Wednesday, June 5, 2013, at 8:00pm: a performance by Eris 136199 (Nick Didkovsky: guitar; Han-earl Park: guitar; and Catherine Sikora: saxophones) takes place at Douglass Street Music Collective (295 Douglass Street, Gowanus, Brooklyn, NY 11217) [map and directions…]. Also performing: Ras Moshe (saxophones), Shayna Dulberger (bass) and John Pietaro (percussion). $10 suggested donation.
See the performance diary for up-to-date info. [DSMC page…]
about Eris 136199
Eris 136199 plays on the crossroads of noise, melody, rhythm, space, density, contrast, synchronicity, asymmetry, serendipity and contradiction. Eris 136199 is the noisy, unruly complexity of composer, computer artist and guitarist Nick Didkovsky, the corporeal, cyborg virtuosity of constructor and guitarist Han-earl Park, and the no-nonsense melodic logic of composer and saxophonist Catherine Sikora.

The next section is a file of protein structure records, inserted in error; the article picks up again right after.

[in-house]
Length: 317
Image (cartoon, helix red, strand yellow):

A composer who enjoys blurry boundaries, Nick Didkovsky founded the avant-rock big band Doctor Nerve, and is a member of Swim This with Gerry Hemingway and Michael Lytle. He is a pioneer of small-systems computer music, and has composed music for ensemble including Bang On A Can All-Stars and the California EAR Unit.
Described by Brian Morton as “a musical philosopher… a delightful shape-shifter”, Han-earl Park is drawn to real-time cyborg configurations in which artifacts and bodies collide. He has performed with some of the finest practitioners of improvised music, is part of Mathilde 253 with Charles Hayward and Ian Smith, and Numbers with Richard Barrett.
Catherine Sikora is “a free-blowing player’s player with a spectacular harmonic imagination and an evolved understanding of the tonal palette of the saxophone” (Chris Elliot, Seacoast Online). She has a long-standing duo project with Eric Mingus, and performs as part of ensembles led by Elliott Sharp, François Grillot and Matt Lavelle.
Together, Didkovsky, Park and Sikora forges an improvisative space where melody can be melody, noise can be noise, meter can be meter, metal becomes metal, bluegrass turns to bluegrass, jazz transforms into jazz, all there, all necessary without imploding under idiomatic pressures.